Since 1949 the volcanic massif with its numerous flora and fauna has been protected as a national park.


The park offers an impressive mountain landscape with highland and mountain forest, bamboo forests and glaciers.

The park impresses with its diverse bird world. It is a habitat for many rare wild animals such as Sykes and Colobus monkeys, buffaloes, elephants, rhinoceroses, leopards, bongo antelopes, forest pigs, hyenas, lions and numerous reptiles like mountain vipers. A total of eleven species live worldwide exclusively in the Mount Kenya National Park, including a mole rat species, a lizard species, and certain moorhens.

Samburu National Reserve

The Samburu National Reserve does not have the status of a national park and is, with 140 km², very small. It was established in 1985 and is located in the dry north of Kenya. It was named after the Samburu tribesmen and nomads.


The Samburu are a fighter and nomadic people from the north of Kenya. Their language, the Maa, is that of their close relatives the Maasai. The name derives from "Samburr", the traditional leather bag of the Samburu, which is used for transporting meat and honey.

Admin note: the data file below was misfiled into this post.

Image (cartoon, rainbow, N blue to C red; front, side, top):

In the immediate vicinity is the Buffalo Springs Reserve. It is a semi-desert landscape with rocky hills, rivers, open and wide savannah and dry bushland.

To the east lies the 108 km² Shaba National Reserve. All three reserves have the same geological origin and are located in the East African Rift Valley.


The Uaso Nyero River, which is an important livelihood for the park's animal population, flows through the area. It also leads water in the dry season and its bank is lined with dense gallery forest of umbrella acacia.

Typical inhabitants of the dry landscape are : various antelope species, impalas, gazelles, reticulated giraffes and ostriches. In the Samburu there are Gerenuks, Grevy Zebras, Beisa Spitboks, Kudus, Lions, Leopards, Hippos, mighty Nile Crocodiles, Warthogs and over 450 species of birds.

Lake Nakuru National Park